Melatonin is often referred to as an antioxidant.26 It is reported to be twice as effective as vitamin E.27 Melatonin prevents the damage caused by ischemia-reperfusion of gut mucosa.28

Melatonin may be useful in treating a range of diseases of the digestive tract. It may be of therapeutic benefit in treating bacterial, fungal, or viral oral infections and may be useful for healing tooth extractions, periodontal diseases, and oral cancers.29 An option might be to add melatonin to the toothpaste that one uses at bedtime.

Melatonin may be of use in treating gastric ulcers. If a restrained rat is stressed by water immersion, the rat rapidly develops gastric ulcerations.30-32 These ulcers bleed more during the day and start to heal at night. If the pineal gland of the rat is destroyed so that it cannot produce nighttime melatonin, the ulcers rapidly worsen and do not heal even at night. A possible explanation for this action is that melatonin relaxes smooth muscles in the intestinal tract and increases mucosal blood flow.33

Melatonin may be useful for treating pancreatitis. It stimulates amylase secretion by the pancreas and protects the pancreas from damage. These “…beneficial effects of melatonin…on acute pancreatitis could be related to the ability of melatonin to scavenge the free radicals, to activate antioxidative enzymes and to modulate the cytokine production.”34(p65) In animal models of pancreatitis, melatonin not only protects against damage but also moderates the effects of the disease. In a rat study,35 melatonin reduced pancreatic damage by decreasing tumor necrosis factor levels.

Melatonin moderates BTT, so it may be useful for treating IBS.15 In a clinical trial36 of 18 patients published in 2007, each patient received melatonin (3 mg) or placebo at bedtime for 8 weeks. Those receiving melatonin significantly improved their overall IBS scores (45.00% vs 16.66%). The improvement in quality-of-life scores was 43.63% in the melatonin group and 14.64% in the placebo group. Although the study sample was small, the improvements are significant.

We should cautiously consider melatonin for the treatment of ulcerative colitis (UC) and Crohn disease. A 2003 article37 in the American Journal of Gastroenterology raised the question of whether melatonin might be a useful treatment for UC. A 2007 study38 measured the urine metabolites of melatonin in 24 individuals with UC. Data showed that the metabolites were significantly higher in the group with UC than in healthy control subjects. Higher levels of the metabolites were correlated with milder disease. This led the researchers to conclude that “melatonin seems to be a part of anti-inflammatory response and its high level may appease the course of UC.”38(p) A 2008 study39 using a rat model of UC reported that melatonin treatment prevented the translocation of bacteria from the gut into the circulation. With this in mind, it is no surprise that the authors of a review article40 published in January 2009 suggested the use of melatonin in treating UC. As of this writing, Emory University, Atlanta, Georgia, is recruiting participants with UC for a 12-week study to test the effect of the daily use of melatonin (5 mg) ( [ identifier: NCT00790478]).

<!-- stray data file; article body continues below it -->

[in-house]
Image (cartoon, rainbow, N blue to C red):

Despite these encouraging suggestions, we should be cautious. Two case reports, one presenting a patient with Crohn disease41 and the other presenting a patient with UC,42 describe significant aggravation of disease when the patients took melatonin. Both patients were taking the same combination of drugs (salicylazosulfapyridine, corticosteroids, and melatonin). Although these drugs may be useful when administered separately, their combined administration may provoke unwanted aggravation. For these reasons, we should not administer melatonin in combination with these other drugs.